An analysis of 18 studies from Denmark found that vegetable, but not potato, intake is associated with a lower risk of type 2 diabetes (Diabetes Care, 2023;46(2):286–296). Studies of 54,793 people, aged 50 to 64, found that 7,695 (14 percent) were diabetic. Those who ate the most vegetables, particularly leafy and cruciferous ones, were least likely to have type 2 diabetes or to be obese.

Some of the 18 studies included potatoes in their analysis of vegetable consumption, while others did not. From the studies that included potatoes, participants who ate the most total potatoes had a nine percent greater risk for being diabetic than those who ate the least. Furthermore, if they avoided fried potatoes, potato chips and potatoes mashed with butter, they were not at increased risk for diabetes. Potatoes are the fourth most important staple food crop in the world, behind wheat, corn and rice. Potatoes can be healthful, but that can depend on how you cook them and what you add to the potatoes or eat with them.

How Vegetables May Help to Prevent Diabetes
Vegetables are low in calories and high in soluble fiber, phenols and nitrates that help to prevent diabetes. Soluble fiber passes unabsorbed through your upper intestines to your colon. In your colon, healthful bacteria break down soluble fiber to form short-chain fatty acids (SCFAs) that pass into your bloodstream. SCFAs help to treat and prevent diabetes by lowering high blood sugar, high blood pressure, and the bad LDL cholesterol (Am J of Clinical Nutrition, Nov 1, 2017). Soluble fiber also reduces inflammation by helping to increase the mucus layer that prevents harmful bacteria from getting into the cells lining your inner colon. The healthful bacteria increase in number when you eat plenty of fiber-rich foods, and this reduces the number of harmful bacteria because they have difficulty passing through the mucus to get their food from the cells lining your inner colon.

What you eat determines which types of bacteria grow in your colon. Eating a plant-based diet encourages the growth of bacterial species that help to break down resistant starches and other soluble fiber that:
• help make the vitamins biotin, folate and vitamin K
• stimulate your immunity to protect you against infections
• help prevent diabetes by lowering blood levels of sugar and insulin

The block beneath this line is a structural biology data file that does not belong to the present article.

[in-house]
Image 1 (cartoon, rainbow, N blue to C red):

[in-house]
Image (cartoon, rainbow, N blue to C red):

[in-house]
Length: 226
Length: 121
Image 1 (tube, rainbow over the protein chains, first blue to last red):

• lower blood levels of cholesterol and triglycerides
• produce butyrate that may help to reduce your chances of developing cancer or inflammatory bowel disease

Potato Cooking Methods
When you cook a potato with water, the sugar in it combines with the water to produce energy, carbon dioxide and water as the end products of digestion, all of which are safe and healthful. (Baked potatoes are “steamed” — cooked in the water trapped inside their skins). On the other hand, when you fry potatoes in oil, the sugar combines with protein to form advanced glycation end products (AGEs) such as acrylamide, that have been linked to cancers in animals and may increase cancer risk in humans. Eating a lot of foods that are high in AGEs can also prevent cells from responding to insulin, which can lead to diabetes (Crit Rev Food Sci Nutr, 2016;56(6):989-98) and make it harder to control existing diabetes (Diabetes Care, January 2014;37:88-95).

Cooking potatoes at high temperatures converts their resistant starches that are not absorbed until they reach your colon bacteria into carbohydrate molecules that can be easily absorbed and can cause a high-rise in blood sugar. When your blood sugar rises too high, your body first tries to store the sugar in the liver, muscles and fat. This is only a small amount and then the excess sugar is converted to fatty triglycerides. So blood triglyceride levels rise and are carried to the liver by the healthful HDL cholesterol, so blood HDL levels drop. The liver fills up with fat and a fatty liver can prevent the body from responding to insulin, and blood sugar levels can rise to high levels and cause diabetes. Having high blood triglyceride levels above 150 mg/dL (1.7 mmol/L) puts you at increased risk for diabetes, heart attacks, strokes, and heart valve disease, even if your blood cholesterol levels are normal (Eur Heart J, Dec 2021;42(47):4791-4806).

Other Studies of Fried Potatoes
A study of 4400 North American men and women, ages 45 to 79, followed for eight years, showed that those who ate fried potatoes two or more times a week were at increased risk for dying during the study period, compared to those who ate fried potatoes occasionally. Those who ate potatoes that were not fried had no increased risk of death (Am J Clin Nutr, Jul, 2017;106(1):162-167). I can find no data to show that eating French fries on occasion, such as once a week, increases risk for any disease. However, several studies have shown that people who eat fried potatoes frequently are at increased risk for:
• obesity (Am J Clin Nutr, Aug 2016;104(2):489-98)
• high blood pressure (BMJ, May 7, 2016;353:i2351)
• colon cancer (Nutr Cancer, May-Jun, 2017;69(4):564-572)
• diabetes (Diabetes Care, Mar 2016;39(3):376-84; Am J Clin Nutr, Feb 2006;83(2):284-90)

My Recommendations
I believe that everyone should eat lots vegetables. Among their many benefits, vegetables help to prevent many diseases by increasing colonic bacterial production of SCFAs that reduce inflammation. Potatoes can be included, but try to use the more healthful cooking methods (steaming, baking, boiling or microwaving) and limit the favorite high-fat, high-calorie additions: butter, cream, sour cream, gravy and so forth. Restrict potatoes if you are diabetic or overweight.